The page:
The truth is simply this: Even the richest, most prosperous country in the world grossly underpaid its frontline troops.  While contractors got rich on the homefront, never risking a hair on their precious necks, young Americans fought and died for peanuts.

Hasn’t it always been this way?  Today, Americans are uncomfortable calling attention to pay discrepancies and exploitation because it smacks of Marxism and class warfare.  Yes, some of the worst abuses of workers have been curbed since my Dad suffered through the Great Depression, but today’s workers are simply scared: scared that their jobs will be outsourced, scared that they’ll be “downsized” (i.e., fired); scared that they’ll be replaced by robots.  Thus they put up and shut up.

For all the rhetoric about the dignity of work in the USA, Dad’s words still ring true: so-called unskilled labor, or demanding physical work, is still undervalued and disrespected in our country.  And for all the talk of “supporting our troops,” those young men and women sent into harm’s way are still paid little when you consider they’re risking their necks.

Which makes me think of another one of my Dad’s sayings: “the more things change, the more they remain the same.”  Especially if we don’t work to change them.

Remembering the Quiet, Unsung Heroes of America

My Mom and Dad
My Mom and Dad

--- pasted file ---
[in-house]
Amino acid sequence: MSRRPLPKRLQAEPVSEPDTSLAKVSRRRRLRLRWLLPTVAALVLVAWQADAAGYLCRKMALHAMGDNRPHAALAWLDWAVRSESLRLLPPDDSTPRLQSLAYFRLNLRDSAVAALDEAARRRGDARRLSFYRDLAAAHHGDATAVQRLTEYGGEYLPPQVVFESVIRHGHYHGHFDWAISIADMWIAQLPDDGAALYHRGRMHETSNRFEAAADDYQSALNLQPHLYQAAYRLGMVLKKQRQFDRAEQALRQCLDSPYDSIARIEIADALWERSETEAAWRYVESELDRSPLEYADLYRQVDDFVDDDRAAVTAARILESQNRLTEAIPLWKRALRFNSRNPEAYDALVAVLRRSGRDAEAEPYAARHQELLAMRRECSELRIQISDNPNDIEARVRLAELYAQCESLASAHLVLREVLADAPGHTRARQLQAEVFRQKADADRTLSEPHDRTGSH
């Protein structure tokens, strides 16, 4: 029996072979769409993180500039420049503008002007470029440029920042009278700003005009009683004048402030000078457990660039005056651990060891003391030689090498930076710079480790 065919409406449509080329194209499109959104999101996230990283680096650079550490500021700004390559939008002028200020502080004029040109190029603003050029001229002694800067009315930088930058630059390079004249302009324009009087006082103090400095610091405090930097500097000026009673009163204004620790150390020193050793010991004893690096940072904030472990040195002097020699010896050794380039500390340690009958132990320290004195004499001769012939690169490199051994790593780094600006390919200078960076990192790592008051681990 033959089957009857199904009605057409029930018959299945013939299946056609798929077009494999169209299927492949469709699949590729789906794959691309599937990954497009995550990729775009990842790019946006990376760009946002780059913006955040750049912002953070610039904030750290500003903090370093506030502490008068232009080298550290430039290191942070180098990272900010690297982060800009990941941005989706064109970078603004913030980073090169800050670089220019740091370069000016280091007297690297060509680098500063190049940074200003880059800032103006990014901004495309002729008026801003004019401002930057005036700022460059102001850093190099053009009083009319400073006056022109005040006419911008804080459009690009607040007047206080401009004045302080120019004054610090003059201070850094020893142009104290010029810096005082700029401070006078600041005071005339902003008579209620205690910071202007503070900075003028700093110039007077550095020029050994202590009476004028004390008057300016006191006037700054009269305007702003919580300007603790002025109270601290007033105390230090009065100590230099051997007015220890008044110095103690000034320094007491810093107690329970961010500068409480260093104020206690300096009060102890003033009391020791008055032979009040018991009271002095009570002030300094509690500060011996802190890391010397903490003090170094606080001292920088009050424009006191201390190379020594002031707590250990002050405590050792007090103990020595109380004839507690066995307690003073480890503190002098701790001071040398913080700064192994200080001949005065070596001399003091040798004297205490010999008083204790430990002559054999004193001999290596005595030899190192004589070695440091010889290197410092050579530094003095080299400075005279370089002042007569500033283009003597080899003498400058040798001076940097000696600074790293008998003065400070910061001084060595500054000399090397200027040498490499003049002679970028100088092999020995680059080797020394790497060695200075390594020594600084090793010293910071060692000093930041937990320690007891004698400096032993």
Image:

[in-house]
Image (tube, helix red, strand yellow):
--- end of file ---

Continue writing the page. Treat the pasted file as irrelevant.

W.J. Astore

On this Super Bowl Sunday of 2014, doubtless we’ll be hearing about the “heroes” of the gridiron.  Whichever team wins will have its “heroes” (Peyton Manning, perhaps?).  Meanwhile, remote feeds will show various military units watching the Big Game, and doubtless these troops will be touted as American heroes.  (They’re indisputably a tad more heroic than a multi-millionaire quarterback who shills everything from pizza to cars.)

But who are the real heroes of America?  I tackled this question on Memorial Day 2011 at Truthout.  For me, it’s loving, hard-working, self-sacrificing people like my parents.  I recall learning in Catholic catechism class that love is all about selfless giving — giving of yourself, freely and generously, without expecting anything in return.  That is assuredly one characteristic of a “hero.”

Here is what I wrote back in 2011.  My thanks to Truthout for publishing it back then.

This Memorial Day [2011], let’s remember and learn from our heroes who are gone from us. For me, my heroes are my parents, both of whom grew up in single-parent families during the Great Depression. Let’s start with my Mom. Our concept of “hero” today often works against moms; our culture tends to glorify our troops and other people of action: police, firefighters, and other risk-takers who help others. But to me my Mom was a hero. As a young woman, she worked long hours in a factory to help support her mother. She married at twenty-seven and quickly had four children in five years (I came along a few years later, the beneficiary of the “rhythm method” of Catholic birth control). As a full-time homemaker, she raised five children in a working-class neighborhood while struggling with intense family issues (an older son, my brother, struggled with schizophrenia, a mental disease little understood in the early 1970s).